The 2023 Genesis GV60 brings a new spin to the luxury brand’s lineup.
This is the first dedicated EV we’ll actually see from the brand, as the Genesis GV60 crossover prepares to launch in South Korea. From there, we can expect to see it go on sale in the U.S. next year. Under the skin, we know what Genesis is bringing to the table: an car based on the same E-GMP platform that underpins both the Hyundai Ioniq 5 and the Kia EV6. This time around, though, you get a more luxurious interior, as well as a distinctive-looking exterior.
So what do you get as far as performance and range? Like both its mainstream siblings, you’ll be able to get the 2023 Genesis GV60 in single-motor, rear-wheel drive or dual-motor, all-wheel drive configurations. The entry-level version puts out 225 horsepower and 258 lb-ft of torque. Opt for the dual-motor instead, and you’ll get 314 horsepower and 446 lb-ft of torque. However, if that’s still not enough grunt for your liking, you’ll also be able to spec the GV60 with a 429 horsepower, 446 lb-ft torque arrangement. According to Genesis, that puts the GV60 right around the 4.0-second 0-60 range. Perhaps, it will be a couple tenths of a second quicker. Whether you want it or not, the automaker’s also introducing an “electric-Active Sound Design (e-ASD) system to simulate driving sounds in the cockpit.
One battery option
Range can be a thorny figure this far out from the actual launch. That said, Genesis estimates the 2023 GV60 can get up to 280 miles (451 kilometers) in rear-wheel drive form — at least as it’s setup for the Korean market. All-wheel drive versions lose about 10% of that figure, dropping to 249 miles (400 km). Get the performance model, and that drops again to 229 miles (368 km).
To achieve that figure, the Genesis will launch only with the larger of the two battery packs available in the Ioniq 5 and EV6. That means 77.4-kWh of capacity — roughly on par with that of a Tesla Model Y and slightly less than a Volkswagen ID.4 AWD.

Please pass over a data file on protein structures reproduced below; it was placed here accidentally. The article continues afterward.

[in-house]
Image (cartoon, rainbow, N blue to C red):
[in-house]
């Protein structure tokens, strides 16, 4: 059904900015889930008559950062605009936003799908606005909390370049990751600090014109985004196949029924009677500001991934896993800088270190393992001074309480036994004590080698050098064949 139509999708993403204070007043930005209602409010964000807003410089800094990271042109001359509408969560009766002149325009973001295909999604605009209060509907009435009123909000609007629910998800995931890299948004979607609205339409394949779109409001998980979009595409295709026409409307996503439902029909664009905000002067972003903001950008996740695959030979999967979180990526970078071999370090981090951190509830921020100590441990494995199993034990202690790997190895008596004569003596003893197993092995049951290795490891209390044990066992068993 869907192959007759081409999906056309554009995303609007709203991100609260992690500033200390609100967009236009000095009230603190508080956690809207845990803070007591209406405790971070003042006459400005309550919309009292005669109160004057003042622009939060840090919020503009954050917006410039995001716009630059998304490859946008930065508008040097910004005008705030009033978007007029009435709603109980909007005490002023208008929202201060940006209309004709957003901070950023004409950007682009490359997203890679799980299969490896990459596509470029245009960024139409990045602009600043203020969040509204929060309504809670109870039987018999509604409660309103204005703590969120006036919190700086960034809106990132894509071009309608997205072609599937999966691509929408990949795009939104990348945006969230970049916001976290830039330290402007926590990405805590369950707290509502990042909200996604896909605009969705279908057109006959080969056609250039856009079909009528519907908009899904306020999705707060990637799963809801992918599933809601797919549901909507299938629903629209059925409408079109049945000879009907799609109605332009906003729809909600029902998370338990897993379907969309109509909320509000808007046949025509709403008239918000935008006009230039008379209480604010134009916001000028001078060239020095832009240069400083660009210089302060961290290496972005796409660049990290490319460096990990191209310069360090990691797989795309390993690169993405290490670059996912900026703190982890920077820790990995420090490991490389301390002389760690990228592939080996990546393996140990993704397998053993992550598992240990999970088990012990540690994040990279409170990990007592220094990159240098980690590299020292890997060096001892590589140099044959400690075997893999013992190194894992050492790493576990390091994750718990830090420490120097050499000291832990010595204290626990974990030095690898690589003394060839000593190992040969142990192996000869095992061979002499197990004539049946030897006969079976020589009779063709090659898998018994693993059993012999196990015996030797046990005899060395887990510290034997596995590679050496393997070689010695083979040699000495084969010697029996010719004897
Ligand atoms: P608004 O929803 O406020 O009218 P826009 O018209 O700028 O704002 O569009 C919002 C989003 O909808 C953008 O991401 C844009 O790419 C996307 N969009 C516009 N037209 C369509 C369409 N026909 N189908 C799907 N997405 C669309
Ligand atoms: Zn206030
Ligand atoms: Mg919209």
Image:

Other performance aspects for the GV60 include an electronic limited-slip differential, as well as a MacPherson multi-link suspension setup in the front, and a five-link system out back. All-wheel drive models get a Disconnector Actuator system to uncouple the motor and driveshaft depending on the driving conditions, meaning drivers can switch freely between RWD and AWD. To that end, the 2023 Genesis GV60 even has a drift mode, when the mood takes you.
What about charging?
On its face, the Genesis GV60 doesn’t offer the most astounding range out of the box. However, what it does offer is a 400-to-800 volt electrical inverter, making it more flexible with various sorts of charging stations. It also supports DC fast charging up to 350 kW. Where that sort of charging station is available, Genesis says the GV60 can charge from 10% to 80% state-of-charge in just 18 minutes. Even on Level 2 AC chargers, this car ups the normal capacity from 7.2-kW to 11-kW. Again, assuming you have a home charger capable of putting out that much juice, that should also help charging times.
The 2023 Genesis GV60 does have a feature that will likely become more common in next-gen EVs: charging other electronic devices. It’s Vehicle to Load (V2L) functionality lets it supply other electronics with up to 3.6 kilowatts of charge — allowing it to be a mobile power source. Genesis does, for their part, aim this capability more at camping and outdoor activities than, say, powering your house.
More tech than you probably expect
The 2023 Genesis GV60 will also launch with a new infotainment system. This “connected car Integrated Cockpit” (ccIC) will more closely link information between the cluster, central unit and the head-up display, creating what Genesis says is a thoroughly integrated and interconnected system. For audiophiles, this car is also the first Genesis to house a 17-speaker Bang & Olufsen sound system.
Again, whether you’d really prefer it or not, the Genesis GV60 also brings in a Near Infra-Red camera mounted on the B-pillar. That can register two faces to unlock the car via facial recognition without needing the key. Drivers can also start the car without a key using its fingerprint authentication system. The “Digital Key 2” system not only supplants the traditional key as well, but allows you to open the car by touching the door handle, without actually having to use your smartphone.
More details, including U.S. specs, will emerge in the coming months. Pricing for the 2023 Genesis GV60 is also currently an unknown, but may land somewhere in the mid-$50,000 range, before applicable tax incentives.